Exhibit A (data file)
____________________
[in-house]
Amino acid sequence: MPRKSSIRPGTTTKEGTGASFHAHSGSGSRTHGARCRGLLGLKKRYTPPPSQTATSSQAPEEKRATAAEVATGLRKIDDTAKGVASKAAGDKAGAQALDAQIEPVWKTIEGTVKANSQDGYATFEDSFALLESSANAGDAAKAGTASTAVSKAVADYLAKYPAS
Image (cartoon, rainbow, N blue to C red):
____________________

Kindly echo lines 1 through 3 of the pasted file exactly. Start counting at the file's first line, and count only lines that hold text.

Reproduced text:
[in-house]
Amino acid sequence: MPRKSSIRPGTTTKEGTGASFHAHSGSGSRTHGARCRGLLGLKKRYTPPPSQTATSSQAPEEKRATAAEVATGLRKIDDTAKGVASKAAGDKAGAQALDAQIEPVWKTIEGTVKANSQDGYATFEDSFALLESSANAGDAAKAGTASTAVSKAVADYLAKYPAS
Image (cartoon, rainbow, N blue to C red):